Transplants with higher salaries from places with higher costs of living, like California, have been able to expand their home searches to lower-cost areas if their employers allow them to work remotely from any location. Even if they pay over asking price in their new city, [local Nashville real estate agent] Geyer says, “in their eyes, they’re getting a deal.”

There's little reason to think that this imbalance will regain equilibrium anytime soon.

Tech- and business-enabled distributed- and remote work macro trends, age demographic household and family formation forces, and "the-rent's-too-damned-high" price levels in coastal urban cores – not to mention evolved omnichannel digital marketing initiatives by homebuilders and masterplanned communities – remain as crucial drivers homebuilders continue to count on to help clear both backlogs and spec starts under construction without giving up too much on pricing.

Hometowners – especially younger ones, as yesterday's release from the National Association of Home Builders of its Housing Opportunity Index illustrate, face bleak prospects if their aspirations are to buy locally.

According to the National Association of Home Builders (NAHB)/Wells Fargo Housing Opportunity Index (HOI), just 42.8% of new and existing homes sold between the beginning of April and end of June were affordable to families earning the U.S. median income of $90,000. This is a sharp drop from the 56.9% of homes sold in the first quarter that were affordable to median-income earners.

While builders, developers, and – by the way, build-to-rent construction, development, and investment players – get a tailwind benefit in the near-term from "pricing-in" transplants fleeing unreasonably high housing costs and a host of other less desirable factors of gateway city or coastal-market urban areas, they're also adding to the pool of "have-nots," priced-out of ground-up homeownership in their hometowns.

Given the tensions and cross-purposes builders and developers grapple with at the local community level homebuilders might consider effort to turn a negative narrative into a positive one for a longer-term opportunity, especially where they may have standing inventory to try to move.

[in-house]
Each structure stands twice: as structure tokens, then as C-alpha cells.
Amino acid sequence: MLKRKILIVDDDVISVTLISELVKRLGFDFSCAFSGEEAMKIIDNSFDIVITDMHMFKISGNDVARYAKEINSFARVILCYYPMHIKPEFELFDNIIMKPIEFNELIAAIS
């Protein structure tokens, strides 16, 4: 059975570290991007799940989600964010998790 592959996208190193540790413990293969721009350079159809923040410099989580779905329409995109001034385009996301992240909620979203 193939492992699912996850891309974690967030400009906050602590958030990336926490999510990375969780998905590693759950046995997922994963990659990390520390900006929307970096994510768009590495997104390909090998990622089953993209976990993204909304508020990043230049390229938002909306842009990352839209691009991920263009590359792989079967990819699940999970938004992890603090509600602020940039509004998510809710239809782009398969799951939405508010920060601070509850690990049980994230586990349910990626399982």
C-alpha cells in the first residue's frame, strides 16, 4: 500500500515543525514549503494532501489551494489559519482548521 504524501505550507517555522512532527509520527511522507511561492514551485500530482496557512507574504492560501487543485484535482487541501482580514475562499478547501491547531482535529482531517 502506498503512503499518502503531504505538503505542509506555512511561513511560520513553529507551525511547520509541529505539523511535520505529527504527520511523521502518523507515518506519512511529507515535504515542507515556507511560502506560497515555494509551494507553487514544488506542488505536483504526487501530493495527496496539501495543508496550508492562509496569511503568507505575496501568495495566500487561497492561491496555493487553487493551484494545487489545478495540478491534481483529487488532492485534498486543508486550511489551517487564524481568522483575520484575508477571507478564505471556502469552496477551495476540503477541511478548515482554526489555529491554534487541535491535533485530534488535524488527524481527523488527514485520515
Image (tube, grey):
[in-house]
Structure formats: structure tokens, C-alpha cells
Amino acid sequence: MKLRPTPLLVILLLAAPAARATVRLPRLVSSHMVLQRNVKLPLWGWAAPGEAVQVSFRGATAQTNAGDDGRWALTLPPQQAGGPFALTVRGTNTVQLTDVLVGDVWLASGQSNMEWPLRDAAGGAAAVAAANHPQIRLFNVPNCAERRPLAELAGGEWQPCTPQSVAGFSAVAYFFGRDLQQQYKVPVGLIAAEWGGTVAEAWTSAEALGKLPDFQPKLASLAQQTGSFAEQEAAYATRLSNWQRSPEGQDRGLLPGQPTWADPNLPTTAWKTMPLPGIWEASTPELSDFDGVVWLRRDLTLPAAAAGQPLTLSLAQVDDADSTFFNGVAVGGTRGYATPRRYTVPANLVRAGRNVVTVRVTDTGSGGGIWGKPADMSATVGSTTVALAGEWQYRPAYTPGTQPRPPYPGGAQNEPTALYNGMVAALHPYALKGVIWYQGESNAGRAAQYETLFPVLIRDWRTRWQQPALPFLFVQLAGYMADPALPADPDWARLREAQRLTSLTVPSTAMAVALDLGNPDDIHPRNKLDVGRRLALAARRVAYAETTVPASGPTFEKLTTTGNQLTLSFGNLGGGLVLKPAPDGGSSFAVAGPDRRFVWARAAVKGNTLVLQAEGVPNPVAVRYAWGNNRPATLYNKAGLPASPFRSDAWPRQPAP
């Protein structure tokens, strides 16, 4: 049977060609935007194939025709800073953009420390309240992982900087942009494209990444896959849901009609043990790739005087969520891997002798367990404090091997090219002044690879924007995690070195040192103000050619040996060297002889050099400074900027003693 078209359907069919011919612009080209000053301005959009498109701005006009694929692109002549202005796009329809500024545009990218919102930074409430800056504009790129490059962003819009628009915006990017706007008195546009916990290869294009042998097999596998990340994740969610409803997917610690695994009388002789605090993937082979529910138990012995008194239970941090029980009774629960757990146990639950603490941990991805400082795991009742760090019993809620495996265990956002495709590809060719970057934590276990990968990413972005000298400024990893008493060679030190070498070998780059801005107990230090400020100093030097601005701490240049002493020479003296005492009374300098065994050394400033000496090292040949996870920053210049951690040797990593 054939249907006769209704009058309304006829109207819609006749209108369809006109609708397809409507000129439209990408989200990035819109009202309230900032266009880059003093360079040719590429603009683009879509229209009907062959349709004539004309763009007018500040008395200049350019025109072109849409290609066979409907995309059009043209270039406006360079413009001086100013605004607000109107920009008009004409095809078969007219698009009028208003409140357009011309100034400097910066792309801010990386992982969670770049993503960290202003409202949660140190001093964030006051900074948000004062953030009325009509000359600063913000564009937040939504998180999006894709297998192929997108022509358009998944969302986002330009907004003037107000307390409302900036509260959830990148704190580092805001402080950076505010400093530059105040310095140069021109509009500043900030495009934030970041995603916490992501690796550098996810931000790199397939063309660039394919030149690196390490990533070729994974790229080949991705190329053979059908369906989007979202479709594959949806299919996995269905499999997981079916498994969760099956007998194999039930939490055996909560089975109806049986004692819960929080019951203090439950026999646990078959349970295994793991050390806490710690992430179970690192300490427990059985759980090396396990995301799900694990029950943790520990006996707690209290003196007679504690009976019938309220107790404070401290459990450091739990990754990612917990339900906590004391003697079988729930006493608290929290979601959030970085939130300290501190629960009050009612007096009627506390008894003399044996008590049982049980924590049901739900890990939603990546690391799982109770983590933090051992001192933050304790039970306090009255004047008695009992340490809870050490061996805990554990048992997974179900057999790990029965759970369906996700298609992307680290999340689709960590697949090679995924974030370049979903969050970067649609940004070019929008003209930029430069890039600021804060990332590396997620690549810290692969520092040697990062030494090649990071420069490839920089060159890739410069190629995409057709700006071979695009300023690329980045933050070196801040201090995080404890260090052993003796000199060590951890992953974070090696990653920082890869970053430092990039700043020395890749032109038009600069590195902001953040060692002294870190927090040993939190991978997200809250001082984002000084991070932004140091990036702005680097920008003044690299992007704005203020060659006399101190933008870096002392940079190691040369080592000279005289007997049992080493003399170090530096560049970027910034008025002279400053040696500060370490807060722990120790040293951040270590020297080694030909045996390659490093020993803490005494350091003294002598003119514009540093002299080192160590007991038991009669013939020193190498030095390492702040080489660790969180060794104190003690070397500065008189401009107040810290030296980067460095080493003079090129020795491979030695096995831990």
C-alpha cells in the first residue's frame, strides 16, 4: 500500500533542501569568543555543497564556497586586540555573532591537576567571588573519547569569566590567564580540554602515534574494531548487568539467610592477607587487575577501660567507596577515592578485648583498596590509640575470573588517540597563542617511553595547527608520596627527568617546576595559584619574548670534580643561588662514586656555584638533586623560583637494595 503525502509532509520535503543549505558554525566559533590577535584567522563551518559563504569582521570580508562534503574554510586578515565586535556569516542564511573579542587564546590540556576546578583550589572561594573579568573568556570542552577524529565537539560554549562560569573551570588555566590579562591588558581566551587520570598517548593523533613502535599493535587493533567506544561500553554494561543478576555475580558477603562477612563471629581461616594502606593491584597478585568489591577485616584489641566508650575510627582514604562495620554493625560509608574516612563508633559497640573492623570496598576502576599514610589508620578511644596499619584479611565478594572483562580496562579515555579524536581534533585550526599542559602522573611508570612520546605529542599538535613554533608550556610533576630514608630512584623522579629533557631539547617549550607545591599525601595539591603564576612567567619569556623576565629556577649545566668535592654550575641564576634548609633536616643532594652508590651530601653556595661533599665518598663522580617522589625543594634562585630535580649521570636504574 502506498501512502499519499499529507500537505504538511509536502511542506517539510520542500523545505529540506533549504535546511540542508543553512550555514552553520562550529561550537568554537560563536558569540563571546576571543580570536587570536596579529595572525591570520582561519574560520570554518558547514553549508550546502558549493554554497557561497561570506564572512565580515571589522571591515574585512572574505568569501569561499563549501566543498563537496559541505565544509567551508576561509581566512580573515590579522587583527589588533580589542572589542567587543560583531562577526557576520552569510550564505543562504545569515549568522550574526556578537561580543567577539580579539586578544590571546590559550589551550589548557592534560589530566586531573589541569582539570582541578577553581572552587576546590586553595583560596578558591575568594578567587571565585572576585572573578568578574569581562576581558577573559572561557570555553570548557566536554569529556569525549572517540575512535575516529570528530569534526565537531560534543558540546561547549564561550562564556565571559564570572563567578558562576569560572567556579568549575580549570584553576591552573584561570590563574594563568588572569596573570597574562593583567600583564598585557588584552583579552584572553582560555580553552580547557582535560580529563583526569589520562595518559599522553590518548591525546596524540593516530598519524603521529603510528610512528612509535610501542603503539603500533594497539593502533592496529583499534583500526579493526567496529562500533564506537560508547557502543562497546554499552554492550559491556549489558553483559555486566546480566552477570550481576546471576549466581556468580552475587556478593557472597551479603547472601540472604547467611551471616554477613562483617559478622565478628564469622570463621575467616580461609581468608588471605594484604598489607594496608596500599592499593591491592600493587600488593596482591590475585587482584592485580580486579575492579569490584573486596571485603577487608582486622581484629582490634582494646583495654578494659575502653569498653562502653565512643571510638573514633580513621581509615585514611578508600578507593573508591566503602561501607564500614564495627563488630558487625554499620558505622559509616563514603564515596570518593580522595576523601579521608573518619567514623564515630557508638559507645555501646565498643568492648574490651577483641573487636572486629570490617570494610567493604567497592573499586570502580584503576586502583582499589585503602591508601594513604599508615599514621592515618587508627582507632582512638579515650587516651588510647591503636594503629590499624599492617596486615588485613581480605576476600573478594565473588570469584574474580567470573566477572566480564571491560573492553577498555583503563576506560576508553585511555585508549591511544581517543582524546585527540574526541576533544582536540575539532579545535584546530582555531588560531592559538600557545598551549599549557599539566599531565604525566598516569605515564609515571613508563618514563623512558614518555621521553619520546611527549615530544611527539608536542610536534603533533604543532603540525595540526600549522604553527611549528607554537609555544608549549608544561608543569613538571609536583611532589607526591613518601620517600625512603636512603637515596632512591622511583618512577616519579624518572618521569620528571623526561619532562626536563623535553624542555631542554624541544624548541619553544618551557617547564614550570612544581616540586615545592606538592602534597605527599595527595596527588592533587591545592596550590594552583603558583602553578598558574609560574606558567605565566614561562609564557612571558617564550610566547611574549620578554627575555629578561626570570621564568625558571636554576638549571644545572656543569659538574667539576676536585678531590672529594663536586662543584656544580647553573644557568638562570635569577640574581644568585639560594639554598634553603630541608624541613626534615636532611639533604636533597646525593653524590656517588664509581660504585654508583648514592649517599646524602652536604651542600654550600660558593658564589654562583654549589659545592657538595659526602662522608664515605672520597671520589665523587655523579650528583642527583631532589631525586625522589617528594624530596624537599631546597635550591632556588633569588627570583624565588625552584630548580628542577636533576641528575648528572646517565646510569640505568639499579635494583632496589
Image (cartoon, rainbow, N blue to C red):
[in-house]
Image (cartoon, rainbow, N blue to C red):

Why not focus "pricing-in" promotions, incentives, and sales efforts on a narrowed local basis, with every intention to ensure that hometown residents get their best shot at ground-up construction in or near neighborhoods their friends and family members occupy?

If the only local option locals get in new market-rate residential real estate is a built-to-rent neighborhood, that may represent that immediate-term win for developers. But who ever feels all that happy with a "better-than-nothing" option?

The hard work builders and developers have ahead of them – whether it's now, or in the mid-term future, or over the long haul – is to "price-in" people who're part of making these "hottest market" destinations the reason they're so hot – walkable, pleasant, roomy, peaceful, culturally rich, food-friendly, and neighborly towns and cities – in the first place.

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ABOUT THE AUTHOR

John McManus

John McManus

President and Founder

John McManus, founder and president of The Builder’s Daily, is an award-winning editorial, programming, and digital content strategist. TBD's purpose is a community capable of constant improvement.

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ABOUT THE AUTHOR

John McManus

John McManus

President and Founder

John McManus, founder and president of The Builder’s Daily, is an award-winning editorial, programming, and digital content strategist. TBD's purpose is a community capable of constant improvement.